Oberkampf in the 11th arrondissement, is historically an industrial neighborhood, untouched by the Haussmann grand buildings and boulevards that transformed much of Paris in the 19th century.  Industry has moved on and today Oberhampf is a lively neighborhood known for its festive, young and cosmopolitan ambiance.   The rue Oberkampf is lined with trendy shops (vintage clothing in particular), cafés, restaurants and night clubs.  However, the street is also dotted with numerous small passages hidden behind unassuming doors, where calm reigns and nature has been reclaimed.  As I discovered, such is la Cité du Figuier. 



La Cité du Figuier


Most residents have small outdoor spaces in front of their abodes


Former carpentry workshop


Figuier se cache au 104-106 rue Oberkampf. Dans cette ruelle pavée, les anciens ateliers cohabitent avec la verdure dans une harmonie remarquable. Dans les années 70, les ouvriers en métallurgie (notamment le cuivre) quittent progressivement le passage, qui peine alors à trouver une nouvelle identité. Menacée, la ruelle trouve finalement la salvation grâce à une nouvelle population composée d’artistes, de familles et de travailleurs en agence.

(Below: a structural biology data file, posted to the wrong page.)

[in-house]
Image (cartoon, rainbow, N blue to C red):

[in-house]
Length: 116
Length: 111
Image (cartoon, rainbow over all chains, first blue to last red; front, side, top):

Aujourd’hui, les anciens ateliers ont été repeints avec des couleurs vives (notamment plusieurs tons de bleu), les parterres bordés de plantes et fleurs. En résulte une grande allée peuplée de petites maisons et de végétation, donnant au tout des allures de petit village au beau milieu du tumulte parisien.


Figuier is found at 104-106 rue Oberkampf, behind a small locked blue door.  Although there is a “porte” button that should open the door, it didn’t work for me, so the two times I visited I had to wait for someone leaving to let me in.  Fortunately I didn’t have to wait long to enter this hidden enclave of calm, where the old metalwork studios, now artist ateliers and private homes (many painted various shades of blue), with potted plants, palms and a gorgeous wisteria vine, line the narrow street of cobblestone.  I felt I had stepped back in time to a small village in the south of France.